16 T.C. 587 (1951), 20975, Breeze Corporations, Inc. v. C.I.R.

Docket Nº:20975.
Citation:16 T.C. 587
Opinion Judge:DISNEY, Judge:
Attorney:Sydney A. Gutkin, Esq., and David Beck Esq., for the petitioner. Francis X. Gallagher, Esq., for the respondent.
Judge Panel:BLACK, J., dissenting:
Case Date:March 08, 1951
Court:United States Tax Court

Page 587

16 T.C. 587 (1951)




No. 20975.

United States Tax Court.

March 8, 1951

Sydney A. Gutkin, Esq., and David Beck Esq., for the petitioner.

Francis X. Gallagher, Esq., for the respondent.

The petitioner filed claim for relief as to excess profits taxes under section 721(a)(2)(C) of the Internal Revenue Code, on the ground that income for 1941 was abnormal in amount. Held, claim denied for the reason that the claimed net abnormal income for 1941 was the result of increased physical volume of sales due to increased demand, and therefore under Regulations 112, section 35.721-3, was not attributable to earlier years.

Petitioner seeks a review of the disallowance by the respondent of its claim for refund of excess profits tax for the year 1941, in the amount of $480,121.79. The only question for our consideration is whether the petitioner received during the taxable year 1941 from the sale of rotating antenna mounts and armor plate net abnormal income that was attributable to any previous taxable year or years so as to be entitled to relief for the taxable year 1941 within the meaning of section 721(a)(1) and (a)(2)(C) of the Internal Revenue Code.

The case was submitted in part upon a stipulation of facts. The facts stipulated are so found and incorporated by this reference. Such part as is considered necessary to set forth is included with other facts found from the evidence adduced in our findings of fact.


The petitioner is a corporation, organized under the laws of the State of New Jersey, with in its principal office at Newark, New Jersey. The excess profits tax return for the period herein involved was filed with the collector of internal revenue for the fifth district of New Jersey. The return was prepared on an accrual basis of accounting and involves the taxable year ended December 31, 1941. Claim for refund of the excess profits taxes in controversy was filed by the petitioner on June 29, 1943. The Commissioner's letter rejecting the petitioner's claim was dated August 20, 1948. In the years immediately following its formation in 1926 as the result of the consolidation of three companies, petitioner manufactured automotive parts, including machinery, bumpers, flexible hose for heaters, carburetor heaters, and push and pull controls. Subsequently, and in or about 1929, petitioner began to manufacture aircraft parts and accessories for the aviation industry, including metal hose, shielding and bonding for aircraft,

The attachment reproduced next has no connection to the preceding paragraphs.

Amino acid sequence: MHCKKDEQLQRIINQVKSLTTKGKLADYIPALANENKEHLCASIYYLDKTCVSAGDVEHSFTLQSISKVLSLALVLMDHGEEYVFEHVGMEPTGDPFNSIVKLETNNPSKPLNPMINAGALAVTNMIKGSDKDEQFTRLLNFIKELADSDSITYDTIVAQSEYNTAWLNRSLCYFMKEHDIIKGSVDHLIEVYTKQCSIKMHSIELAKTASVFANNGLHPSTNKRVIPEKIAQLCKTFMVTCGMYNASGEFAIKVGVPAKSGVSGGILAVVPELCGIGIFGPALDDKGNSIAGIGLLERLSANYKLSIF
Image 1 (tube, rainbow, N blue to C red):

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disconnect plugs, tie-rods, flow meters, fuel gauges, gun starters, and gun mounts. It also manufactured doors and hatches for the united States Government from light gauge stainless steel. Petitioner commenced a program of research and development with respect to antenna mounts November 1938 and face-hardened armor plate in August 1939. During the taxable year herein involved, petitioner was engaged in the manufacture and sale of radio shielding conduits and fittings, electrical connectors, tubings, cases and shafts, tie-rods, antenna mounts, and armor plate. During the years 1938 to 1941, inclusive, the United States Government, either directly or indirectly, was petitioner's largest customer, although Western Electric, Sperry Gyroscope, and Bell Telephone laboratories were likewise its customers during those years.

From 1938 on, petitioner occupied a number of plants and an office building, part of which it owned and part of which it rented, located in Newark, East Orange, and Elizabeth, New Jersey. Petitioner's personnel included unskilled, semi-skilled, and skilled labor, as well as professional engineers, sales engineers, draftsmen, and the customary clerical help.

The mobile antenna mount is a mechanism intended to support radar equipment with its antenna in such a way as to permit complete operation thereof in horizontal and vertical positions. The horizontal rotation is on a 360 degree plane and the vertical plane is 180 degrees, so that the entire sky can be scanned by the antenna. Operation also requires instantaneous determination of the exact position of the exact position of the antenna in space, and mobility is obtained by having the mount on a trailer or truck. The general category of product within which the antenna mount falls is radio and radar end equipment, which means that it is a final end product.

During all years in question, with respect to both the antenna mount and armor plate, petitioner kept the usual engineering records, written laboratory reports, sketches, blue prints, and tracings of all tests, experimentation, research, and development as well as photographs of the products at various stages of development.